David Bowie Celebrates 66th Birthday with First New Song in a Decade, Plus Vintage Videos

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We can thank many of Rock ‘n’ Roll’s royalty for showing us how to age with style. Mick Jagger is still a professional rocker, as disciplined and outrageous as ever. Now David Bowie has introduced a new album—his first in a decade—on the day he celebrated his 66th birthday.

Bowie’s new album The Next Day comes out in March, but a single, “Where Are We Now?,” is available to download on iTunes. The song is lovely and melancholy, as is the accompanying video, shot by artist Tony Oursler.

Bowie, officially in his late 60s, is in a nostalgic mood. The video is set in a cluttered artist’s studio dominated by projected images of Berlin in the late 1970s. The video is alternately inscrutable (who is the woman whose face shares the two-headed puppet with Bowie while he sings?) and reflective. The old Berlin footage, it turns out, is from Bowie’s old neighborhood where he once shared an apartment with Iggy Pop. Bowie moved to West Berlin in 1976 and recorded his Berlin trilogy—Low, Heroes and Lodger—with producer Tony Visconti.

The Next Page was also produced by Visconti, and that’s no coincidence. Bowie seems to be taking stock of his musical life, and that’s a lot to inventory. The continuity between the new album and one of the richest periods of his career bodes well for this latest work.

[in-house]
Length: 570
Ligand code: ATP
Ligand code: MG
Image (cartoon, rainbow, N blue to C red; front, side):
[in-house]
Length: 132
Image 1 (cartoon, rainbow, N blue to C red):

Bowie has also re-launched his website as part of the birthday celebration. He offers a new collection of videos—some never before broadcast—from his stellar stage career. As his audience we get a chance to appreciate his breadth as an artist and the amazing arc of his career. Dig the red boots in 1972’s Queen Bitch. This song endures after more than forty years. One of the best videos is an alternate take of Oh You Pretty Things from 1972. Bowie is young and brash at the piano in full Ziggy Stardust regalia. Look Back in Anger from 1979 shows the man at his rocking, operatic best. Even the less-than-stellar Let’s Dance from 1983 looks better now than it did at the time.

Watching him perform over the decades highlights just how authentic Bowie’s artistry has been and continues to be. When he flips his blond mop and croons into the microphone, he’s no poseur. He’s the real thing: a man trying on all the masks he can as a way to show all of himself to the world.

This is one birthday that won’t go forgotten. Thanks, David, for the terrific party.

Kate Rix writes about digital media and education. Read more of her work at .

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